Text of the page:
• Ability to hike and navigate in rough terrain.
  •  Reasonable accommodation may be made for qualified individuals with disabilities to perform the essential functions.


Participant Essential Eligibility Requirements/Participation and Expedition Behavior:

  • Work effectively as a member of a team despite potentially stressful and difficult conditions. This may require problem solving on an interpersonal or group level as well as a willingness to accept differences.
  • Contribute to a safe learning environment, no harassment of others for any reason.
  • Willingness and ability to complete all aspects of the program including conservation projects, education, training, and national service.
  • Effectively communicate ideas and concerns as they arise directly to supervisors, colleagues, and organization staff.
  • Appropriately represent Conservation Corps New Mexico, U.S Fish and Wildlife Service, and AmeriCorps to the public and partners at all times.
  • Flexibility, adaptability, and capacity to work in a fluid, changing work environment.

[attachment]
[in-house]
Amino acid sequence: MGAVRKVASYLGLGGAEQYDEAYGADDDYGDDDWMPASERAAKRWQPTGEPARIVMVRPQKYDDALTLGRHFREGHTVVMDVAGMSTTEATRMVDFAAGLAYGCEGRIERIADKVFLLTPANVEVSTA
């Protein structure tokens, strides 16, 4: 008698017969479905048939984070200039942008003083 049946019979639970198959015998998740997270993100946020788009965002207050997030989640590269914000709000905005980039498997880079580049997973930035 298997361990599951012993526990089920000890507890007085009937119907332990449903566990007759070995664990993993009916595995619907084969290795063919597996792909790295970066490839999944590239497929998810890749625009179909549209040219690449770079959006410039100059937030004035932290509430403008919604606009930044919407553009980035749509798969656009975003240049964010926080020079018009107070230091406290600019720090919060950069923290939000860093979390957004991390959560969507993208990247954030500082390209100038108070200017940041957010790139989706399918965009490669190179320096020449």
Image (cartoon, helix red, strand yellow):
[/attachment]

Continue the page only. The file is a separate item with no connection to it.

Safety and Judgment:

  • Effectively communicate danger to others in the form of either a warning of danger others may be encountering or a notification of personal distress, injury or need for assistance. Must be able to do so at a distance of up to 50 meters and in conditions with limited visibility or loud background noise such as darkness or high winds.
  • Effectively perceive and understand significant and apparent hazards and follow direction by others so that you will be able to successfully execute techniques to manage hazards. These directions may be given before the hazard is encountered or may need to be given during the exposure to the hazard. Ability to respond appropriately to stress or crises.
  • Stay alert and focused for several hours at a time while traveling and working in varied weather conditions.
  • If taking prescription medications, participants must be able to maintain proper dosage by self- medicating without assistance from others.